When we get rid of the things of the world, we do not have to worry as the world worries. And that is my prayer for you, Patrick, that as you continue to deepen your life in this beautiful pledge, and this beautiful way of life of the Confraternity of Penitents, that the worries of the world pass away and the worries of God become your worries. That is the goal. Take on the worries of God.


And what is the worry of God?


God thirsts for souls. He thirsts for you and for every single person on this earth. He cares not for food or for drink or for clothing. He cares for the hearts of men.


And my wish for you is that your hope might be his hope, hopefully through your sacrifices and offering those for the sake of the whole world, that many more hearts might be his, that many more hearts might come to know him, love him and serve him. For that is what truly satisfies the heart, the love of God. That is the only thing that will bring happiness to the heart.


And so the readings could not be more perfect except for this, and this puts the cherry on top. Today is Saturday and today is a day dedicated to the Blessed Mother. And that makes today so perfect.


Francis knew this charism of poverty so well, but Francis himself would say that he only falls in the shadow of the Blessed Mother, following after her. And though I ask you to follow after her on this day of the Blessed Mother, I ask you to do it every day. When I thought of this beautiful pledging ceremony, I thought of seven ways that the Blessed Mother can teach you what it is to live the Rule of the Confraternity.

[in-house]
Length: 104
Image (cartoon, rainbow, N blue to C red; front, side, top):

The first is something that you have already done. You have received the call. The Angel Gabriel came to her and she did not shy away or run away. She listened. I think that is the first thing that you can learn from the Blessed Mother.


The angel of God will come to you in many different forms, many different disguises, but however he comes, you must listen. Continuously listen to the word of God especially in Holy Scripture. The tradition of the Church says that is what Our Lady was doing when the angel came to her. She was studying the word of God. And so I hope that you study the word of God often so you, like her, might be ready to receive the call to do whatever it is he asks of you in your life.


The second thing is obedience to the Holy Spirit. The Blessed Mother is the spouse of the Spirit. When called upon by the Holy Spirit to take on this great task of bearing Christ to the world, she obeyed.


I hope that you have that obedience as well, that you might bear Christ to the world and that her words might be yours, “Let it be done unto me according to Thy word.” May you not only meditate on the word of God but may you, more and more each day, seek to practice it, to bring the word of God into the world.


Thirdly, you might not be surprised if I point this out, but her poverty of life. She left all. She left all. She embraced not only poverty in physical things but most especially poverty in those emotional things. She gave up her good name. She gave up her credibility in the eyes of the world. She gave up caring about what people might think of her, all for the sake of God.